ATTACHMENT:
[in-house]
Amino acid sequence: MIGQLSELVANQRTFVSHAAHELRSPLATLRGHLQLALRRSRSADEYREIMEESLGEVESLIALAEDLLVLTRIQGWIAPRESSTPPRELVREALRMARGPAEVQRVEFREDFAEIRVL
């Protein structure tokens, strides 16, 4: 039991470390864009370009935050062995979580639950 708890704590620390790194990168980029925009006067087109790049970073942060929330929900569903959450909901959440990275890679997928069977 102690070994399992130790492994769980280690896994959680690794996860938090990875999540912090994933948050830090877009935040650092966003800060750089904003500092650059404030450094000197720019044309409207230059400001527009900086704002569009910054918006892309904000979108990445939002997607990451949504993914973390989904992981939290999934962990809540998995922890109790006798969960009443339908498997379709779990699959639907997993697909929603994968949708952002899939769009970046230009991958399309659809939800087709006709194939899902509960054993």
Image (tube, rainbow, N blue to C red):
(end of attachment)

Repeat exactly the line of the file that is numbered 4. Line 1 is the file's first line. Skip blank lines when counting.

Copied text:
Image (tube, rainbow, N blue to C red):